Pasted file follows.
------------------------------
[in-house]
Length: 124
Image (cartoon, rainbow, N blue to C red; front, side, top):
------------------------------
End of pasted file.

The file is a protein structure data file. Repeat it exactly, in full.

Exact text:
[in-house]
Length: 124
Image (cartoon, rainbow, N blue to C red; front, side, top):